Your BMW, like any other vehicle, comes out the factory shiny and clean both inside and out. However, every time you hit the road, that perfect appearance begins to fade away. As you use your car more and more, not only will it begin to deteriorate from general wear and tear, but it will also start to get dirty. We’re not just talking about mud on your tyres here, either. It can get filthy on the inside, particularly with the buildup of carbon! This can have a massive impact on your car’s performance, so allow us to explain exactly how to prevent carbon from building up, specifically on your BMW’s intake valves.
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What Is Carbon Buildup?
Carbon is a naturally occurring byproduct of the internal combustion process that takes place within every vehicle’s engine, BMWs included. Initially taking the form of a dusty soot, the carbon that deposits itself within your engine will eventually harden, making it much more difficult to clean off. It can affect multiple areas of your car’s internal workings, including cylinder walls, injector nozzles and, as the title of this post suggests, intake valves.
Why Is My BMW’s Intake Manifold Full Of Carbon?
Bizarrely, you might find that your intake manifold is full of carbon if you drive a new model of BMW, whereas if you’re in an older car it could be less of a problem – although the issue might still exist. Older engines would spray the fuel into the intake manifold in a rather uncouth manner, but doing so would essentially use the fuel itself to clean off any carbon that was beginning to build up (but some may escape the cleanse and remain).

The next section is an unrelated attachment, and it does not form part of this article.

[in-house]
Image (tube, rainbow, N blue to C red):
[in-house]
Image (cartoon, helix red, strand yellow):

More modern engines utilise direct fuel injection technology which means that the fuel is literally injected straight into the engine’s chamber, increasing fuel efficiency. However, this means that the carbon that would usually be cleaned off by the fuel is now untouched and allowed to harden on the intake manifold.
Is Carbon Buildup In Intake Valves Common In BMWs?
This might initially sound somewhat contradictory to the previous paragraph, but while modern BMW engines seemed to really suffer from carbon deposits, their newest creations may have broken this curse and solved the problem.
From the mid-2000s to the mid-2010s, BMW used what was called an N54 engine, which was highly susceptible to carbon deposits in its intake valves. However, certain BMW drivers have claimed that their newer cars, which now use B58 engines, don’t seem to have this notorious problem.
Since many of those N54-built BMWs are still on the road, it’s fair to say that carbon buildup in the intake valves is still a common problem, but it looks like the German manufacturer might have cracked the code on how to stop it.
How Do You Clean A BMW Air Intake?
Cleaning hardened deposits of carbon from your BMW’s engine is done through a process that’s somewhat bizarrely called walnut blasting. On the surface, a ‘walnut blast’ sounds more like a fighting move you’d see in the latest superhero movie to hit cinemas than a technique for improving your vehicle’s performance. But, believe it or not, the reason it’s called this is incredibly straightforward – it’s quite literally what it says on the tin.